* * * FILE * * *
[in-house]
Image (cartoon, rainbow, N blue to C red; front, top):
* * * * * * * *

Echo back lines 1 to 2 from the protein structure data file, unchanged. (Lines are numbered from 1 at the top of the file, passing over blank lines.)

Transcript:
[in-house]
Image (cartoon, rainbow, N blue to C red; front, top):